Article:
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Handshakes and hugs are the new taboo for advertisers thanks to the coronavirus

Handshakes and hugs are the new taboo for advertisers thanks to the coronavirus
[Photo: Toa Heftiba/Unsplash]

In 1982, “Hugs not Drugs” was coined in a sweeping campaign to curb youth drug addiction.

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But today, hugs are the new drugs.

It’s coronavirus times and “close contact causes angst now,” said Roger Camp, chief creative officer of Havas Worldwide subsidiary Camp + King, according to a new report by research firm Morning Consult. “It could become like seeing someone smoking a cigarette in an ad.”

On Tuesday, Morning Consult released the results of a March 20-22 poll on “How Human Interaction in Ads Affects Purchasing Consideration.” The findings were either disheartening if you care for human affection, or very heartening if you value life-saving in the form of social distancing.

Fifty-five percent of the poll’s respondents said “People Hugging” would be inappropriate in an ad, and 58% said they would be less likely to purchase the product or service responsible for the ad. Fifty-seven percent said “People Shaking Hands” was inappropriate, and 57% said if it were shown in an ad, they’d be less likely to purchase the product.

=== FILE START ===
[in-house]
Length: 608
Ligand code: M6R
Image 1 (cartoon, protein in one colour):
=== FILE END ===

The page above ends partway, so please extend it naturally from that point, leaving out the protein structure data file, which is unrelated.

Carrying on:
[Morning Consult]
Thirty-three percent said “People Standing Less Than 6 Feet Apart” was inappropriate, and 47% would be less likely to make a purchase because of that.

This new public wind has dramatic repercussions for advertisers. Camp, whose clients include Papa John’s, Old Navy, and the Sacramento Kings, told Morning Consult his team has tossed all scenes that show hands—including gloved hands.

“There were so many red flags thrown up just by showing that glove,” he said.

Alcohol brands are also scrambling to figure out how to market their goods without putting them in social settings. Surprise: Vodka shots alone on the couch won’t push product, they say.

Some companies have been forced to pull ads after backlash over too much human interaction, such as Geico, whose commercial broke social distancing protocol by featuring multiple high-fives:

“Geico doesn’t care,” said a Twitter critic.

Hershey’s also pulled an ad from its “Heartwarming the World” series, which featured a 94-year-old man distributing Hershey bars to children by hand, and hugging another person, AdAge noted.

And Axe pulled a spot titled “Don’t Overthink It” that showed a man imagining his smelly armpits causing a crowded basketball arena to disperse in fear as oxygen masks drop from the ceiling, which seems to hit far too close to home.

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